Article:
In September 2001, Miller was rushed to the hospital after suffering a neck injury. While in the hospital, he also had a brush with septicemia, but he survived. Miller retired after the incident and moved back to New Zealand where he began working as the commissioner for NZWPW. He currently lives in Paraparaumu Beach and is the Commissioner for Kiwi Pro Wrestling.
When the WWE came to New Zealand in 2008 in Auckland he was a guest on the first international V.I.P Lounge along with Tony Garea. The segment’s host, Montel Vontavious Porter (MVP) announced him as Bushwhacker Luke but then apologized. Eventually, MVP attacked Butch and Garea with the microphone. Butch and Garea recovered and fought off MVP, then celebrated with the Bushwhacker walk.
In February 2018, the Bushwhackers reunited for one last tour of their native New Zealand. Happy birthday Butch.
Frenchy Martin debuted in the WWF in October 1986. Initially a full-time wrestler, he would primarily be used as a jobber. In August 1987, he began to be the host of a WWF’s skit “Le Studio” (presented only in Canada, during Superstars of Wrestling), During the segment, he would interview his guests and translate their answers in French, using the opportunity to mock the faces and praise the heels. Martin began managing Dino Bravo in late 1987. During his alliance with Bravo, Martin regularly carried a sign down to ringside that read “USA is not OK”. In March 1988, he managed Bravo at WrestleMania IV in a match against Don Muraco. During a rematch at SummerSlam in August, Martin distracted Bravo’s opponent Muraco to allow Bravo to get the victory. In October at the King of the Ring, Martin managed Bravo in a loss over Jim Duggan in a flag match. He also appeared at Bravo’s side at Saturday Night’s Main Event XVII at the end of October for Bravo’s match against Ken Patera. On Thanksgiving night, he also appeared at Survivor Series. Martin also managed Jos LeDuc in 1988, but LeDuc’s run in the WWF was short and he made very few appearances on television.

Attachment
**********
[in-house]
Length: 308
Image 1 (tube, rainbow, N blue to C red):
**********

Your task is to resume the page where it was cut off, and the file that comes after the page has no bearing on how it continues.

At the Royal Rumble in January 1989, Bravo, accompanied by Martin, teamed with The Fabulous Rougeaus (Jacques and Raymond) but lost a two out of three falls match against Jim Duggan and The Hart Foundation. At WrestleMania V in April 1989, after Bravo’s match with Ronnie Garvin, Martin attacked Garvin, and as a result, Garvin performed his signature move, the “Garvin Stomp” on him. Bravo replaced Martin in favor of Jimmy Hart in April 1989.
Later, Martin appeared as an occasional enhancement talent on weekly WWF television broadcasts, reviving his initial role with the company when he joined the WWF in 1986. By mid-1990, Martin retired and eventually became head booker for the IWA in Puerto Rico. Until his death he continued to make guest appearances for indie shows across Canada and the US. On October 21, 2016, Martin died after nearly a year of bladder and bone cancer. He was 66 years old.
Lenny Hurst, or the Jamaica Kid as he was sometimes billed, became a hit wherever he wrestled, and was a definite fan favorite in the UK. However, it was not long before he came to the attention of foreign promoters, and Lenny was soon joining other stars from the UK on their trips to Europe and the Far East where he wrestled many of the top foreign stars of the era. In the early 1970s, Lenny was invited to Stampede International Wrestling where again he became an instant hit and went on to secure the tag team championship on three separate occasions (twice partnering Dan Kroffat in 1972 and 1973 and once with Rick Martel in 1974).
Although Lenny primarily wrestled in the UK, he did have a longer stint with the WWWF in 1977, where he was also given the opportunity to wrestle a number of times on their huge Madison Square Garden shows. Lennie was considered a class act and was given bouts against some of the top WWWF wrestlers at the time, including Butcher Vachon, Mr. Fuji, and Stan Stasiak.
Hurst passed away at the age of 70 after a short illness on October 21, 2014.